You Took the Word and Made it Heard

It always surprises me when government offices sponsor arts education. It’s unfortunate that some believe arts are an extraneous privilege, rather than a necessity in public education. I wanted to compare the Alameda County Alliance for Arts Learning Leadership with a non-profit organization I’ve worked with for years called Art in Action. The Alliance is a network of volunteers, activists, teachers, and parents who want to put arts back in the schools in Alameda County (link to my old school district). Art in Action is a great non-profit that supplies (mostly but not exclusively) Bay Area K-8 schools with art history lessons, art projects, and art supplies. After I started writing, I realized that I don’t know enough about the Alliance to make a sufficient comparison; as a result, I will save that for a rainy day. I do, however, want to tell you about my critiques and criticisms of AiA, and why the art education they supply is some of the best you can get. (I’ve been there. Literally been there, at Art in Action.)

On their website, AiA describes the camps and curriculum they offer, but they have little information about the next steps. And maybe AiA isn’t as focused on advocacy as it is in providing students with art education and supplies. They have enough concerns on their hands with running their AiA camps, buying and putting together art supplies, publishing their curriculum, and preparing an online version of the lessons.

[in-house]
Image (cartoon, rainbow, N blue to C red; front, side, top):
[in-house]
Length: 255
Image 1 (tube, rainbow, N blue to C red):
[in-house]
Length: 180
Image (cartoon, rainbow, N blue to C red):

But what if they took it one step further? AiA does a fantastic job of bringing art education into the schools. At the end of each lesson, they offer suggestions on how to connect the art lessons with other aspects of education (ex: American history and portraiture in 5th grade, colors and numbers in Kindergarten, geometry and shapes in all grades). But what if, on their website, they offered more resources regarding arts advocacy in the California public education system? What if they offered external options to explore the arts?

Well, part of this lack of information is simply funding. AiA, while it may receive some funding from government institutions, relies heavily on independent donors and foundations; however, they have people seeking their programs. Some clientele may respond to advertisement and outreach, but AiA has seemingly depended on word of mouth and parental action. The art history curriculum improves almost every year, and the art lessons and supplies are constant. The small and intimate NPO can cater to what fits everyone’s budgets. There are seven fantastic, intelligent, strong, witty women who run AiA. And these seven women write the curriculum, create the art lessons, order the art supplies, pay the bills, make the website, and prepare anything and everything that needs to be done to maintain an art program that works.

Their website isn’t glamorous, and quite frankly, it isn’t too pleasant to look at. It could use a user-friendly makeover. But in 1982, when Judy Sleeth first started teaching art in her daughters’ school after Prop 13 (indirectly) eliminated art programs in California public schools, AiA was a dream come true in any form. AiA is the first step in improving public education, even if it’s not directly advocating for change. Instead, she’s doing what the government won’t: AiA gives kids a well-rounded education. I say that’s pretty f*ing amazing.


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